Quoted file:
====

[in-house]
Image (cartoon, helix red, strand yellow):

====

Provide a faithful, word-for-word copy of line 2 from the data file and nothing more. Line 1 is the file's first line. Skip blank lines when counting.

Image (cartoon, helix red, strand yellow):